“I have learned and am learning that if you want to be more creative, then you must simply create MORE!”

There are so many lessons that I have learned and that I am still learning but all I can say is thank you! Not to myself but to God. You know I prayed for something like this but I never knew how to “make it happen” but I know He has been my driving force behind it all, filling me with bursts of creativity, excitement, fun and strength. He makes it all worth it. I am reminded even now that He is the reason why I create. He is whom I create for. It is His applause and approval I seek and I believe I have because He has accepted me as I am (and you too by the way). So many days of filming and editing alone I am reminded that I was never really alone. He was and is and ever will be with me. There’s a beauty and a peace in knowing this and moreover, knowing HIM.

©All Rights Reserved

 

Käsebrötchen (German Cheese Bread Rolls Recipe)

Light, fluffy and cheesy bread rolls! Käsebrötchen are a special and irresistibly delicious German treat!

I’ll never forget on our first breakfast on our first trip to Germany with my husband. We were at his parent’s house and there were a plethora of fresh German bread rolls but a couple of my husband’s favorite — Käsebrötchen.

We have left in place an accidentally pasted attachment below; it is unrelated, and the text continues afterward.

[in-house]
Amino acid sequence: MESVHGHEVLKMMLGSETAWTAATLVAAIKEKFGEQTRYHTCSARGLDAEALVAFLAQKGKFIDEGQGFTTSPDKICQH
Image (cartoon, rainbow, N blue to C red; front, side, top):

They looked absolutely delicious, covered with cheese and soft to the touch.  When I took a bite, Mmmm, I was not disappointed. They are irresistibly delicious! So, I was determined to learn how to make them myself. And after tasting many, here is my recipe creation! All I can say, is that these bread rolls did not last long. The recipe makes 6 large bread rolls but it can be doubled, tripled, quadrupled — well you get my point. Guten Appetit!

Here’s the recipe:

Käsebrötchen (German Cheese Bread Rolls)

  • 1 cup all purpose flour (plus more for dusting and kneading)
  • 2 tsp dry yeast
  • 1/2 cup warm water
  • pinch of salt
  • 2 TBSP olive oil
  • 1 egg yolk
  • 1 TBSP water
  • 1.5 – 2 cups shredded mozzerrella cheese*

*Or your favorite type of cheese

Preparation:

In a large bowl, stir together the yeast and the water until the yeast is dissolved.

Then add the flour and salt and stir well.

UNADJUSTEDNONRAW_thumb_2b83

Pour the dough onto a floured surface and knead for 5-7 minutes. Then shape the dough into a ball.

Pour 1 TBSP of olive oil into a bowl and lightly grease it.

Place the ball of dough into the greased bowl and cover with a damp kitchen towel. Put it in a warm place and allow the dough to rise for 1 hour.

UNADJUSTEDNONRAW_thumb_2b84

Then divide the dough into 6 equal balls. Lightly grease a parchment lined baking sheet with the remaining 1 TBSP of olive oil and place the dough balls on the baking sheet. Cover with a damp kitchen towel and place in a warm place to rise for another 15 minutes.

UNADJUSTEDNONRAW_thumb_2b85

Meanwhile, pre-heat the oven for 180C/356F.

After the second rise, whisk together the egg yolk and 1 TBSP of water.

Using a pastry brush, coat the top of each bread roll with the egg yolk mixture.

Then take the shredded cheese and liberally, and I really mean liberally, top each bread roll with the cheese (let the cheese fall all around each bread roll).

UNADJUSTEDNONRAW_thumb_2b86

Then place the bread rolls in the pre-heated oven and bake for 10-15 minutes or until the cheese is melted and lightly browned.

UNADJUSTEDNONRAW_thumb_2b87UNADJUSTEDNONRAW_thumb_2b88

Serve & enjoy immediately or save for later.

UNADJUSTEDNONRAW_thumb_30d8UNADJUSTEDNONRAW_thumb_30d9

Guten Appetit!

©All Rights Reserved